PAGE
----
Syllabus | Academic Integrity | Tips on Paper | Movie Notes

PLAGIARISM

Plagiarism is the use of facts, opinions, and language taken from another writer without acknowledgment. In its most sordid form, plagiarism is outright theft or cheating: a person has another person write the paper or simply steals a magazine article or section of a book and pretends to have produced a piece of original writing. Far more common is plagiarism in dribs and drabs: a sentence here and there, a paragraph here and there. Unfortunately, small-time theft is still theft, and small-time plagiarism is still plagiarism. For your own safety and self-respect, remember the following rules -- not guidelines, rules:

  1. The language in your paper must either be your own or a direct quote from the original source.
  2. Changing a few words or phrases from another writer's work is not enough to make the writing "your own." Remember Rule I. The writing is either your own or the other person's; there are no in-betweens.
  3. Footnotes acknowledge that the fact or opinion expressed comes from another writer. If the language comes from another writer, quotation marks are necessary in addition to a footnote.
Now for a detailed example.

ORIGINAL PASSAGE

In 1925 Dreiser produced his masterpiece, the massively impressive An American Tragedy. By this time -- thanks largely to the tireless propagandizing on his behalf by the influential maverick critic H. L. Mencken and by others concerned with a realistic approach to the problems of American life -- Dreiser's fame had become secure. He was seen as the most powerful and effective destroyer of the genteel tradition that had dominated popular American fiction in the post-Civil War period, spreading its soft blanket of provincial, sentimental romance over the often ugly realities of life in modern, industrialized, urban America. Certainly there was nothing genteel about Dreiser, either as man or novelist. He was the supreme poet of the squalid, a man who felt the terror, the pity, and the beauty underlying the American dream. With an eye at once ruthless and compassionate, he saw the tragedy inherent in the American success ethic; the soft underbelly, as it were, of the Horatio Alger rags-to-riches myth so appealing to the optimistic American imagination [Richard Freedman, The Novel (New York: Newsweek Books, 1975), pp. 104-105].


STUDENT VERSION COMMENT
There was nothing genteel about Dreiser, either as man or novelist. He was the supreme poet of the squalid, a man who felt the terror, the pity, and the beauty underlying the American dream. Obvious plagiarism: word-for-word repetition without acknowledgment.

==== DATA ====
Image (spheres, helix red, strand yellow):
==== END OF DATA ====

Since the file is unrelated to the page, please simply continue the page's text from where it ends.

There was nothing genteel about Dreiser, either as man or novelist. He was the supreme poet of the squalid, a man who felt the terror, the pity, and the beauty underlying the American dream'.
'Richard Freedman, The Novel (New York: Newsweek Books, 1975), p. 104.
Still plagiarism. The footnote alone does not help. The language is the original author's, and only quotation marks around the whole passage plus a footnote would be correct.
Nothing was genteel about Dreiser as a man or as a novelist. He was the poet of the squalid and felt that terror, pity, and beauty lurked under the American dream. Still plagiarism. A few words have been changed or omitted, but by no strench of the imagination is the student writer using his own language.
"Nothing was genteel about Dreiser as a man or as a novelist. He was the poet of the squalid and felt that terror, pity, and beauty lurked under the American dream."'
'Richard Freedman, The Novel (New York: Newsweek Books, 1975), p. 104.
Not quite plagiarism, but incorrect and inaccurate. Quotation marks indicate exact repetition of what was originally written. The student writer, however, has changed some of the original and is not entitled to use quotation marks.
"Certainly there was nothing genteel about Drciser, either as man or novelist. He was the supreme poet of the squalid, a man who felt the terror, the pity, and the beauty underlying the American dream."'
'Richard Freedman, The Novel (New York: Newsweek Books, 1975), p. 104.
Correct. The quotation marks acknowledge the words of the original writer. The footnote is also needed, of course, to give the reader specific information about the source of the quote.
By 1925 Dreiser's reputation was firmly established. The reading public viewed Dreiser as one of the main contributors to the downfalrof the "genteel tradition" in American literature. Dreiscr, "the supreme poet of the squalid," looked beneath the bright surface of American life and values and described the frightening and tragic elements, the "ugly realities," so often overlooked by other writers.'
'Richard Freedman, The Novel (New York: Newsweek Books, 1975), pp. 104-105.
Correct. The student writer uses his own words to summarize most of the original passage. The footnote shows that the ideas expressed come from the original writer, not from the student. The few phrases kept from the original passage are carefully enclosed in quotation marks.